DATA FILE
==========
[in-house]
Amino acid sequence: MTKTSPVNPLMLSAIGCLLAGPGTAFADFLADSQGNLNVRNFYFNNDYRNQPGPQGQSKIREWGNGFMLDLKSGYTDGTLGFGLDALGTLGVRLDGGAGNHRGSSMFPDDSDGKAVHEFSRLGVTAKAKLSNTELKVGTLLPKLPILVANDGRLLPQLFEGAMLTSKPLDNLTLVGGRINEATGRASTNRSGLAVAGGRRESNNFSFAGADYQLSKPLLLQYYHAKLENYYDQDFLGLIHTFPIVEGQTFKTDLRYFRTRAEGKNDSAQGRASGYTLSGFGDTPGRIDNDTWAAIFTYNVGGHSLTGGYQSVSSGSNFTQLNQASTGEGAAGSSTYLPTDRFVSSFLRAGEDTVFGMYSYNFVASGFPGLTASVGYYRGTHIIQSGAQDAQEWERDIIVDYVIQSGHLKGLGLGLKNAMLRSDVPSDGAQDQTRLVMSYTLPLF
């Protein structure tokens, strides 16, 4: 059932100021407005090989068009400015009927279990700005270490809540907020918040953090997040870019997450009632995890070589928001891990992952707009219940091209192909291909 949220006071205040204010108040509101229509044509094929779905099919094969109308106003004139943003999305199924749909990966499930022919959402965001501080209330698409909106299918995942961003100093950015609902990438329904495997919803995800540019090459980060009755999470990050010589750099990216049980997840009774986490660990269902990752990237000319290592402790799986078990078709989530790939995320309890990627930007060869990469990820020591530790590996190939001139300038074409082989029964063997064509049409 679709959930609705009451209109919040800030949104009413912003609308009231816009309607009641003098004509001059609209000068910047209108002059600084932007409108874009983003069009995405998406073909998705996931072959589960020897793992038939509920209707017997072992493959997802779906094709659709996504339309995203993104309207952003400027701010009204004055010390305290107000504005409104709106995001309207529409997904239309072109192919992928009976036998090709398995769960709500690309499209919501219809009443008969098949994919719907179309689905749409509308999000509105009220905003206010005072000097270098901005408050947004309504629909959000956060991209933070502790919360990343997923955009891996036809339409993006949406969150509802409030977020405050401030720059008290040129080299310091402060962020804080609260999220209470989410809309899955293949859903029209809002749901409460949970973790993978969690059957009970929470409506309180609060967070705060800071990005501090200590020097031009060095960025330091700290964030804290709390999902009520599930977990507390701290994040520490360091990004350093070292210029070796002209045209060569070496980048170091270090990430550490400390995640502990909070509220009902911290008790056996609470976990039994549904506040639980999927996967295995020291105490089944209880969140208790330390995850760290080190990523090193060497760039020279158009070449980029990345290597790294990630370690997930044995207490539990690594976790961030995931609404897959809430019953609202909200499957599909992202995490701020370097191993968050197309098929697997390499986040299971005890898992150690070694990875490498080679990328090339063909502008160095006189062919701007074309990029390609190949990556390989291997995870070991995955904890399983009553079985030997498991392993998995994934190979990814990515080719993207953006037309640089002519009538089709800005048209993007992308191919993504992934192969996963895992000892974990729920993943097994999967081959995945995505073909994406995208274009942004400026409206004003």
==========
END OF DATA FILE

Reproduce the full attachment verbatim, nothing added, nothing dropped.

[in-house]
Amino acid sequence: MTKTSPVNPLMLSAIGCLLAGPGTAFADFLADSQGNLNVRNFYFNNDYRNQPGPQGQSKIREWGNGFMLDLKSGYTDGTLGFGLDALGTLGVRLDGGAGNHRGSSMFPDDSDGKAVHEFSRLGVTAKAKLSNTELKVGTLLPKLPILVANDGRLLPQLFEGAMLTSKPLDNLTLVGGRINEATGRASTNRSGLAVAGGRRESNNFSFAGADYQLSKPLLLQYYHAKLENYYDQDFLGLIHTFPIVEGQTFKTDLRYFRTRAEGKNDSAQGRASGYTLSGFGDTPGRIDNDTWAAIFTYNVGGHSLTGGYQSVSSGSNFTQLNQASTGEGAAGSSTYLPTDRFVSSFLRAGEDTVFGMYSYNFVASGFPGLTASVGYYRGTHIIQSGAQDAQEWERDIIVDYVIQSGHLKGLGLGLKNAMLRSDVPSDGAQDQTRLVMSYTLPLF
């Protein structure tokens, strides 16, 4: 059932100021407005090989068009400015009927279990700005270490809540907020918040953090997040870019997450009632995890070589928001891990992952707009219940091209192909291909 949220006071205040204010108040509101229509044509094929779905099919094969109308106003004139943003999305199924749909990966499930022919959402965001501080209330698409909106299918995942961003100093950015609902990438329904495997919803995800540019090459980060009755999470990050010589750099990216049980997840009774986490660990269902990752990237000319290592402790799986078990078709989530790939995320309890990627930007060869990469990820020591530790590996190939001139300038074409082989029964063997064509049409 679709959930609705009451209109919040800030949104009413912003609308009231816009309607009641003098004509001059609209000068910047209108002059600084932007409108874009983003069009995405998406073909998705996931072959589960020897793992038939509920209707017997072992493959997802779906094709659709996504339309995203993104309207952003400027701010009204004055010390305290107000504005409104709106995001309207529409997904239309072109192919992928009976036998090709398995769960709500690309499209919501219809009443008969098949994919719907179309689905749409509308999000509105009220905003206010005072000097270098901005408050947004309504629909959000956060991209933070502790919360990343997923955009891996036809339409993006949406969150509802409030977020405050401030720059008290040129080299310091402060962020804080609260999220209470989410809309899955293949859903029209809002749901409460949970973790993978969690059957009970929470409506309180609060967070705060800071990005501090200590020097031009060095960025330091700290964030804290709390999902009520599930977990507390701290994040520490360091990004350093070292210029070796002209045209060569070496980048170091270090990430550490400390995640502990909070509220009902911290008790056996609470976990039994549904506040639980999927996967295995020291105490089944209880969140208790330390995850760290080190990523090193060497760039020279158009070449980029990345290597790294990630370690997930044995207490539990690594976790961030995931609404897959809430019953609202909200499957599909992202995490701020370097191993968050197309098929697997390499986040299971005890898992150690070694990875490498080679990328090339063909502008160095006189062919701007074309990029390609190949990556390989291997995870070991995955904890399983009553079985030997498991392993998995994934190979990814990515080719993207953006037309640089002519009538089709800005048209993007992308191919993504992934192969996963895992000892974990729920993943097994999967081959995945995505073909994406995208274009942004400026409206004003």